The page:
Forum for Science, Industry and Business

Sponsored by:     3M 
Search our Site:

 

Martian meteorite measurements give information on planet evolution

26.10.2004


Artist’s rendering of meteorite impact on Earth. NASA


Scientists in the department of Geology and Geophysics at Yale University have devised a method to precisely date the timing and temperature of a meteorite impact on Mars that led to ejection of a piece of the planet into space and its eventual impact on Earth.

Meteorites are the main source of mass exchange between planets and carry with them characteristic clues about the nature and history of the planets or planetesimals where they originated, the impacts that dislodged them, and the time they spent in space.

Kyoungwon Kyle Min, postdoctoral fellow in geology, reported an innovation for determining the timing and temperatures of ancient impacts that liberate meteorites from extraterrestrial bodies such as Mars.



To measure both the age and thermal history of the piece of Martian rock, Min assayed the natural radioactive decay of uranium and thorium to the gas helium in these meteorites, and combined it with knowledge of how temperature affects helium loss over time. This (U-Th)/He dating method, used on single grains of minerals in the "Los Angeles" Martian meteorite gave a far more accurate picture than the conventional method of analyzing chunks of meteorite. The "helium age" of about three million years corresponds with the estimated cosmogenic space exposure age.

According to co-author Assistant Professor Peter W. Reiners, "The three million-year age of this meteorite is also important because other meteorites we’re working on, including some Martian ones, are several hundred million to billions of years older. These methods allow us to better understand both the timing and dynamics of ancient impacts on other planets, and how these events relate to interplanetary material transfer."

Scientists have long looked at meteorites to answer the question of whether there is now, or once was, life on Mars. They now can compare data from meteorites with the observations of space vehicles to learn more about past activities on the surface of Mars.

Janet Rettig Emanuel | EurekAlert!
Further information:
http://www.yale.edu

All articles from Earth Sciences >>>

The most recent press releases about innovation >>>

Die letzten 5 Focus-News des innovations-reports im Überblick:

Im Focus: Color effects from transparent 3D-printed nanostructures

New design tool automatically creates nanostructure 3D-print templates for user-given colors
Scientists present work at prestigious SIGGRAPH conference

Most of the objects we see are colored by pigments, but using pigments has disadvantages: such colors can fade, industrial pigments are often toxic, and...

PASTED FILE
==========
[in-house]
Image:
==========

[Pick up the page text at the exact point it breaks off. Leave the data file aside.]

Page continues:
Im Focus: Unraveling the nature of 'whistlers' from space in the lab

A new study sheds light on how ultralow frequency radio waves and plasmas interact

Scientists at the University of California, Los Angeles present new research on a curious cosmic phenomenon known as "whistlers" -- very low frequency packets...

Im Focus: New interactive machine learning tool makes car designs more aerodynamic

Scientists develop first tool to use machine learning methods to compute flow around interactively designable 3D objects. Tool will be presented at this year’s prestigious SIGGRAPH conference.

When engineers or designers want to test the aerodynamic properties of the newly designed shape of a car, airplane, or other object, they would normally model...

Im Focus: Robots as 'pump attendants': TU Graz develops robot-controlled rapid charging system for e-vehicles

Researchers from TU Graz and their industry partners have unveiled a world first: the prototype of a robot-controlled, high-speed combined charging system (CCS) for electric vehicles that enables series charging of cars in various parking positions.

Global demand for electric vehicles is forecast to rise sharply: by 2025, the number of new vehicle registrations is expected to reach 25 million per year....

Im Focus: The “TRiC” to folding actin

Proteins must be folded correctly to fulfill their molecular functions in cells. Molecular assistants called chaperones help proteins exploit their inbuilt folding potential and reach the correct three-dimensional structure. Researchers at the Max Planck Institute of Biochemistry (MPIB) have demonstrated that actin, the most abundant protein in higher developed cells, does not have the inbuilt potential to fold and instead requires special assistance to fold into its active state. The chaperone TRiC uses a previously undescribed mechanism to perform actin folding. The study was recently published in the journal Cell.

Actin is the most abundant protein in highly developed cells and has diverse functions in processes like cell stabilization, cell division and muscle...

All Focus news of the innovation-report >>>

Anzeige

Anzeige

VideoLinks
Industry & Economy
Event News

LaserForum 2018 deals with 3D production of components

17.08.2018 | Event News

Within reach of the Universe

08.08.2018 | Event News

A journey through the history of microscopy – new exhibition opens at the MDC

27.07.2018 | Event News

 
Latest News

Smallest transistor worldwide switches current with a single atom in solid electrolyte

17.08.2018 | Physics and Astronomy

Robots as Tools and Partners in Rehabilitation

17.08.2018 | Information Technology

Climate Impact Research in Hannover: Small Plants against Large Waves

17.08.2018 | Life Sciences

VideoLinks
Science & Research
Overview of more VideoLinks >>>